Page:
White House ready to issue pay rules
WASHINGTON - Nearly three months after
The regulations, expected as early as today, would apply to the 20 most highly compensated employees at financial firms that obtained infusions of $500 million or more in assistance from the $700 billion Troubled Asset Relief Program.
The government, however, is not stopping at federally assisted institutions. Treasury Secretary Timothy Geithner and Federal Reserve chairman Ben Bernanke want to give the Fed and the Securities and Exchange Commission greater powers to set compensation guidelines across the financial sector.
Bonuses totaling $165 million issued in March by insurance conglomerate AIG, which had received billions of dollars in financial assistance, set off a public and congressional outcry.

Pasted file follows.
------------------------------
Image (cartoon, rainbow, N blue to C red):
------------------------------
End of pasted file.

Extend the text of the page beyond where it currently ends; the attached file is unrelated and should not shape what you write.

Obama and his economic team have been trying to temper the populist urge to cap salaries while at the same time harboring a belief that compensation practices contributed to the current crisis by encouraging high risk taking.
"I think boards of directors did not do a good job," Geithner said yesterday. "I think shareholders did not do a good job in terms of discipline and compensation practices."
The financial sector has been pushing back, arguing that restrictions that are too stringent could drive away professional talent.
"This is the opening of Pandora's Box," said Tom Quaadman, an expert on financial institutions at the US Chamber of Commerce.
It was unclear yesterday how much of its executive pay package the administration planned to detail this week and how much it would include in a broader list of regulatory proposals that President Obama will announce next week.